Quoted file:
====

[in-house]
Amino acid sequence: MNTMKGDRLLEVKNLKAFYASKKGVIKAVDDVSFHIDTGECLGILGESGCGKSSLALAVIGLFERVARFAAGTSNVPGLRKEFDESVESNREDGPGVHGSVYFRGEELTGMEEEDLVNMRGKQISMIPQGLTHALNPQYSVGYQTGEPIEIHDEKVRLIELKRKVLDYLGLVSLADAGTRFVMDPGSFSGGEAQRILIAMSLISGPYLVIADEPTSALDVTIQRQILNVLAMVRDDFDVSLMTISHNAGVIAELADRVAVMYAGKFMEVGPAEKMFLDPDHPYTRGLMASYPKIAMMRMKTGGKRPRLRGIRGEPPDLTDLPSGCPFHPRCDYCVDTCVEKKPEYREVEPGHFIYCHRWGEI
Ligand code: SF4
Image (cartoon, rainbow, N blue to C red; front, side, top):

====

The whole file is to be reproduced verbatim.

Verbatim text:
[in-house]
Amino acid sequence: MNTMKGDRLLEVKNLKAFYASKKGVIKAVDDVSFHIDTGECLGILGESGCGKSSLALAVIGLFERVARFAAGTSNVPGLRKEFDESVESNREDGPGVHGSVYFRGEELTGMEEEDLVNMRGKQISMIPQGLTHALNPQYSVGYQTGEPIEIHDEKVRLIELKRKVLDYLGLVSLADAGTRFVMDPGSFSGGEAQRILIAMSLISGPYLVIADEPTSALDVTIQRQILNVLAMVRDDFDVSLMTISHNAGVIAELADRVAVMYAGKFMEVGPAEKMFLDPDHPYTRGLMASYPKIAMMRMKTGGKRPRLRGIRGEPPDLTDLPSGCPFHPRCDYCVDTCVEKKPEYREVEPGHFIYCHRWGEI
Ligand code: SF4
Image (cartoon, rainbow, N blue to C red; front, side, top):